Those with partners, spouses, and children in Norway can also apply to work in the country. Other family members can apply, but it is typically rare that they are granted residence. The rules can vary greatly depending on the applicant’s nationality, the nationality of the person they are applying to be with, and their relationship with the person. Generally speaking, the person they are applying to be with will need to be a legal resident, meet income requirements and be of a certain age. 

READ ALSO: Why your Norwegian family immigration application may be rejected and how to avoid it 

Family immigration permits are generally valid for a year, and people must apply for a renewal three months before their current one expires. 

Those with family immigration permits are allowed to work and may be entitled to healthcare through the National Insurance Scheme.

Additionally, some people granted residence for family immigration can receive free Norwegian language lessons

The Norwegian Directorate of Immigration (UDI) can revoke permits for several reasons, such as people providing wrong or misleading information, having spent too long outside of Norway, or breaching their visa conditions. 

Permanent residence

Permanent residency enables foreign nationals to live and work in Norway indefinitely. It also gives extra protection against expulsion from Norway.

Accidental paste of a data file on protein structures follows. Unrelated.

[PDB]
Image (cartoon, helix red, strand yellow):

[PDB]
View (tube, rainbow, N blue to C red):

The rules for permanent residency have a lot to do with individual situations.

You can apply for permanent residence after living legally in Norway for at least three years.

Before the application, you will need to be considered a “continuous” resident of Norway. This means you must not have spent more than six months outside the country per year during the previous three years. You will also need to meet language requirements, fulfil an income requirement and not have received financial assistance from NAV in the last year. You can read the complete set of requirements based on the applicant being a citizen of the United Kingdom here

A foreign worker with permanent residence has a little more flexibility. If they choose to change occupations or take a break to study, they can do so freely without applying for a different type of residency permit. 

You can also spend longer outside Norway without losing your residence rights with permanent residence; however, if you plan on spending a continuous period of two years, or two years in four years, you will need to apply to be exempt from losing your permanent residence

EEA citizens are issued a certificate of permanent residence rather than a card

Those with a family from the EEA who have gained permanent residence retain the right to stay in Norway indefinitely in the event the residence holder dies or the parties break up or divorce. 

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For members


The most common reason Norwegian permanent residence applications are rejected

Permanent residence comes with the benefit of living and working in Norway for as long as you wish. The UDI has revealed to The Local the most common reason why people have their permanent residence applications turned down. 

The most common reason Norwegian permanent residence applications are rejected